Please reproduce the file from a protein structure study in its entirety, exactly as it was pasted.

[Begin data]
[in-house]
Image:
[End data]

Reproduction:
[in-house]
Image: